Another example is how hospitals are adopting more and more digital tumour board platforms, but clinicians need to define clearly the standards of patient case presentation, the patient data to be collected and who has responsibility over the availability and quality of that data. C/Can projects focus on defining such inter-clinicians agreements, as was recently completed in Kumasi. Ishmael Kyei, surgeon at the Komfo Anokye Teaching Hospital (KATH), in Ghana’s second city, explains:
“The potential of digital multi-disciplinary platforms is immense for the city of Kumasi, where only the teaching hospital of KATH has all specialties. But as many institutions are involved, we had to gather all specialties to reach a consensus on the standards to be used on the platform. Otherwise, we can’t ensure that the platform will be used appropriately.”
At the end of the day, digitisation is only a process enabler, but it is critical that the process is defined and endorsed by the relevant authorities.
Another critical policy aspect is the definition of data administration rights. For each digitisation platform involving clinicians and/or patients, local project teams often forget to clearly define the access rules: who can view, edit and manage what. As well as problematic situations of unprotected data, lack of transparency can also create a climate of mistrust between users. This is critical when different levels of care and different healthcare professionals are involved.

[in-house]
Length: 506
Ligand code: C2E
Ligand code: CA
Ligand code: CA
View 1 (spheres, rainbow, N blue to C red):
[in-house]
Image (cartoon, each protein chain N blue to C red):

C/Can has seen how its digital transformation projects often highlight the gaps in protocols and policies. Because of the rigour they require, during the transformation journey, local city stakeholders see the need to clearly define the way data is being managed.
Deploying software policies effectively
Over the last four years, C/Can has come to see that the only way to scale digital programs beyond a pilot stage in individual organisations, and instead to do so across institutions, is to develop a mandate to use a particular software solution in the institution and to train users appropriately.
The role of central authorities in managing change is very important, insists Fred Kwame Awittor:
“Any mandate should ideally define how to involve end users, how to measure usage, measure satisfaction, bring end-user feedback to the system and define overall an adequate change management policy.
This is the next level of sustainable change that the local C/Can initiative aims to achieve. We therefore call on partners to bring their experience and expertise, and join the movement with us to help achieve comprehensive long-term digital transformation policy mandates.